Former Swift trucking school students win court battle

| 7/14/2011

Thousands of former students of a truck driving school operated by Swift Transportation are now eligible to join a lawsuit against the trucking giant.

On July 1, U.S. District Judge Bernice Donald granted class action status to as many as 8,700 former students of a Swift’s driving school. The ruling means the group has the power to combine individual interests for either a settlement or court trial win.

The former trucking school students say Swift’s testing procedures violated state and federal law, and resulted in Tennessee and other states revoking their licenses after an intense multi-agency raid on Swift offices.

In February 2008, the state-certified CDL testing center at a Swift Trucking facility near Memphis was raided by the FBI’s Joint Terrorism Task Force; the U.S. Department of Transportation inspector general; Secret Service; Bureau of Alcohol, Tobacco, Firearms and Explosives; Bureau of Immigration and Customs Enforcement; U.S. marshals; Federal Motor Carrier Safety Administration; Tennessee Highway Patrol; and the Tennessee Department of Safety.

Documents were seized, and the investigation reportedly centered on the illegal issuance of CDLs.

Although no criminal charges emerged, Tennessee announced in 2009 that drivers who obtained a commercial driver’s license through an unnamed third-party tester in Tennessee between May 2005 and January 2008 might be required to do a complete retest, according to the Tennessee Department of Safety.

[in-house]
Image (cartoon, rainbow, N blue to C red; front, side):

Until the 2008 raid, Swift had been allowed to be third-party CDL testers and the company housed a state driver’s license station.

Tennessee mailed letters to at least 1,300 CDL holders in that state who obtained their CDLs from the Swift-run CDL testing facility near Memphis, TN, between May 2005 and January 2008. New Jersey, New York, Georgia and Pennsylvania sent out similar letters.

A separate lawsuit filed against Pennsylvania over the Swift CDL issue resulted in a settlement. The settlement allowed truck drivers affected by the Swift ordeal to retake their CDL exams in Pennsylvania.

Tennessee estimated in 2009 that the case affected at least 5,000 truck drivers nationally who were issued CDLs from the third-party tester during that 32-month span.

Out-of-state trucking school students such as Dennis and Francis Wolf obtained Tennessee residence by staying in an area motel for a few weeks before moving back home.

Several deadlines that had been set in preparation for a February 2012 trial date have been vacated until the plaintiffs and plaintiffs’ attorneys can determine which firm will be lead counsel, according to court documents filed in early July.

Swift Spokesman Dave Berry has reportedly said the company will defend itself, saying “our lawyers believe we have solid grounds for an appeal,” according to the Commercial Appeal.